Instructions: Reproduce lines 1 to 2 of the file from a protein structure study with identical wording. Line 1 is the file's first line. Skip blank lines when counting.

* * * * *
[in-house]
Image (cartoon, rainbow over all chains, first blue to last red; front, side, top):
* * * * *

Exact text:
[in-house]
Image (cartoon, rainbow over all chains, first blue to last red; front, side, top):